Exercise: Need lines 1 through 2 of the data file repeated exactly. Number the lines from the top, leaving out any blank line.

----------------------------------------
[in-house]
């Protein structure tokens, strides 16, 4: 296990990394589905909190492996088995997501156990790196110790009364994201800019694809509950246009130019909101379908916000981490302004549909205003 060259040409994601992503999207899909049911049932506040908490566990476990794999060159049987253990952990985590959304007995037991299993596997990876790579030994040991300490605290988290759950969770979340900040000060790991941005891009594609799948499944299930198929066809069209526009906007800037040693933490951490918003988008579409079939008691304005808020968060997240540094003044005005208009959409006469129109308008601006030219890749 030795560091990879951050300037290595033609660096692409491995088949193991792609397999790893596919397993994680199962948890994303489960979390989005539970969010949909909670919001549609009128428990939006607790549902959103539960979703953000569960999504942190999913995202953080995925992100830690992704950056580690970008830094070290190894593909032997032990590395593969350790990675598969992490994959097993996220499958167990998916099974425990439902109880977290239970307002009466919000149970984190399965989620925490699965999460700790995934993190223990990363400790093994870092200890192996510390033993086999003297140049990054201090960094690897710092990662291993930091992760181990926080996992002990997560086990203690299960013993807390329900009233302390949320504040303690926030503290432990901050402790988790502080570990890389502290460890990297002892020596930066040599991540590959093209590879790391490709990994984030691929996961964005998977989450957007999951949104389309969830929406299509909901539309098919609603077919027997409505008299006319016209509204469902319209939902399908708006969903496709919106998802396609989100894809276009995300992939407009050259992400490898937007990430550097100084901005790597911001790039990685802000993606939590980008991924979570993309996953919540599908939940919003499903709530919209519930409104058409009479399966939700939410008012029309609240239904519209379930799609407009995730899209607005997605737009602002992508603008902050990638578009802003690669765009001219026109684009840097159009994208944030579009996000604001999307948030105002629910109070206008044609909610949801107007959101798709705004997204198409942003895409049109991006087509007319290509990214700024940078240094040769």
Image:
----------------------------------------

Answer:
[in-house]
């Protein structure tokens, strides 16, 4: 296990990394589905909190492996088995997501156990790196110790009364994201800019694809509950246009130019909101379908916000981490302004549909205003 060259040409994601992503999207899909049911049932506040908490566990476990794999060159049987253990952990985590959304007995037991299993596997990876790579030994040991300490605290988290759950969770979340900040000060790991941005891009594609799948499944299930198929066809069209526009906007800037040693933490951490918003988008579409079939008691304005808020968060997240540094003044005005208009959409006469129109308008601006030219890749 030795560091990879951050300037290595033609660096692409491995088949193991792609397999790893596919397993994680199962948890994303489960979390989005539970969010949909909670919001549609009128428990939006607790549902959103539960979703953000569960999504942190999913995202953080995925992100830690992704950056580690970008830094070290190894593909032997032990590395593969350790990675598969992490994959097993996220499958167990998916099974425990439902109880977290239970307002009466919000149970984190399965989620925490699965999460700790995934993190223990990363400790093994870092200890192996510390033993086999003297140049990054201090960094690897710092990662291993930091992760181990926080996992002990997560086990203690299960013993807390329900009233302390949320504040303690926030503290432990901050402790988790502080570990890389502290460890990297002892020596930066040599991540590959093209590879790391490709990994984030691929996961964005998977989450957007999951949104389309969830929406299509909901539309098919609603077919027997409505008299006319016209509204469902319209939902399908708006969903496709919106998802396609989100894809276009995300992939407009050259992400490898937007990430550097100084901005790597911001790039990685802000993606939590980008991924979570993309996953919540599908939940919003499903709530919209519930409104058409009479399966939700939410008012029309609240239904519209379930799609407009995730899209607005997605737009602002992508603008902050990638578009802003690669765009001219026109684009840097159009994208944030579009996000604001999307948030105002629910109070206008044609909610949801107007959101798709705004997204198409942003895409049109991006087509007319290509990214700024940078240094040769």